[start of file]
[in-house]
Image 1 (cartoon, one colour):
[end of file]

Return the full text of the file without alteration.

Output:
[in-house]
Image 1 (cartoon, one colour):